On iceland they arrange “catch the Northern light”-trips during winter:
      you just notify the travel company (or your hotel) that you want to see the northern lights, and then they come and pick you up and drive you to a good spot if the aurora borrealis appear.

      I believe the best place to see the Northern Lights are in the North of Norway (Tromsø or Alta is great) or the North of Sweden/Finland.

      Normally we can’t see the northern lights here in Oslo (where I live), only on very rare occasions.

  1. what an adventure!
    i have only been to the airport during a refueling stop between YVR and HAM. obviously did not see much at all, although the aerial views landing and departing again were amazing – but had time to browse a gift shop and look at books on this amazing place. it has never been a travel destination so far, but maybe one day.  
    thank you for the opportunity to see it through your camera lens :)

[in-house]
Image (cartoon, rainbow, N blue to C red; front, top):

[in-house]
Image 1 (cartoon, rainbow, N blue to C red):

• On the contrary my friend!
      The capital city of Iceland, Reykjavik, has an average of 14.9 hours of daylight each day, which is more than in most places in the world and about two hours more than Miami in the sunny state of Florida. This is due to the fact that Iceland gains more daylight hours in the summer months, with the famous midnight sun, than is loses during the winter.

      – But you’re also right: There’s not a lot of light during winter, but the snow relects the sunlight, so I actually got a little sunburned there one day when we were on a snowy place.

  2. Many of your photos here are dramatic-looking. Last Autumn, I spent 11 hours in Iceland. It was a lay over between flights. Very stormy, the tail end of a hurricane just hit. I’d planned to make the most of my 11 hours, but the weather didn’t agree. Ended up taking a taxi, had him drive me from Keflavik and into the city and around there and he had to stop each time I wanted to take a picture. That little tour made me want to go back. I loved the desolate, barren landscape …

  3. Pingback: » Norse America: The Journal of Alastair Thorfinnson April 13, 1112 » Cities of the Mind